Very rarely does an actor work with the same director in the current gen and when Ajith announced his third collaboration with director Siva, it was obvious that what’s instore is something totally different from what we witnessed in Veeram or Vedhalam. Vivegam sees the best of all we loved from this combination and more. The plot might be thin – an international spy is branded to have gone rogue and how he manages to set things straight forms the storyline. But aren’t all commercial films so?
Where Vivegam stands a class apart is the execution. A few minutes into the film, I was smiling; wondering how such a stylish flick can be made by the same man who made Veeram which was set in a rural backdrop. In short, the film can be stated as a classic Siva film with a much mellowed down show of elements that didn’t work in his previous projects. The setting is slick and a good amount of research has gone into getting the details right.
Obviously, as one would’ve expected, it’s Ajith who carries the film on his – now all beefed up – shoulders. He looks classy and suave, and carries himself well. If the opening title track doesn’t remind you of the James Bond franchise, Ajith’s look will do the trick. Be it that of a doting husband or a thorough professional at work, Ajith balances both the characteristics well and aces with a snazzy performance. His hard-work for this film is apparent in every shot and the post credits scenes are jaw-dropping. The second most important character is Vivek Oberoi who’s making his debut to Tamil cinema with this film. The ‘Nanba’ dialogues and the conversations between them are enough to satiate the hunger pangs of a fan and though they aren’t as impactful as the ones Sathyadev has with Victor in Yennai Arindhaal, it’s a pleasure to watch. The antagonist and his gang’s motive could’ve gotten some more significance.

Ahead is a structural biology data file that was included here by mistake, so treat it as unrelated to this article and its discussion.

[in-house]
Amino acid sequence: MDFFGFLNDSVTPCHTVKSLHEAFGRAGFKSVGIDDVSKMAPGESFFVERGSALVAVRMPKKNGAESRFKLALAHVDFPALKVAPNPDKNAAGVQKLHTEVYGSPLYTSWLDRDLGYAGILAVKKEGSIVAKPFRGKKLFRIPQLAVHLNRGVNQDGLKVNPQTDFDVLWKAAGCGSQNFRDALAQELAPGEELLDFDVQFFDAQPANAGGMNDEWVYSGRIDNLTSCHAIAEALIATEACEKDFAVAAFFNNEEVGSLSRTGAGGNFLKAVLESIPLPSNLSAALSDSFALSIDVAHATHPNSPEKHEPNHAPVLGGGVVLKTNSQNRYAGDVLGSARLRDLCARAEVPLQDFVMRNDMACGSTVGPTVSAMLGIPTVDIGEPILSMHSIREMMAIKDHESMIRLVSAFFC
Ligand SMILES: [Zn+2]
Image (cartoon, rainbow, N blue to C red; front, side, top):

Kajal Aggarwal does a good job as Ajith’s wife. Though she ends up emotional in almost all the scenes and wears costumes that aren’t in any sync with the rest of the film, the love scenes are more family oriented and have been mixed almost at the right places in an otherwise fast paced film. Akshara’s role is minuscule and doesn’t get much screen space but still, pulls off a decent job. Karunakaran provides a decent amount of comic relief without disrupting the film’s flow.
Talking about being fast paced, editor Ruben is one of the heroes behind the camera and his super fast cuts makes the film racy. It’s so fast that a few moments can’t be even savoured enough but overall, it sets the pace for the speedy screenplay. The camera work too is splendid and gives that international feel needed for this film. If Anirudh’s music was a crowd-pleaser before the film’s release, his background scores have proved to be in another level. The ‘Surviva’ track has been captured well and the bgm, though loud, sets the mood right for the action flick.
The film isn’t flawless. As mentioned above, the story is very simple – the truth wins over everything, how friendship is sacred, and ethics and values of a good man, which makes it very predictable. And of course, there are few scenes which defy logic and lets you wonder how many more guns and bullets are needed to hit a hero. Remember the railroad crossing scene in Veeram where in less than a minute an array of trains go back and forth? They’ve upgraded to super-fast trains now in a particular sequence. And as the film is set predominantly in foreign countries, it looks a bit odd to see foreigners speak Tamil. But considering the agile screenplay, they don’t really matter as the audience get to witness one of the best commercial films made in recent times.
Vivegam is a crowd pleaser and despite a few blemishes, works well as a whole – making it the best Ajith-Siva film till date.
My Rating: 3.5/5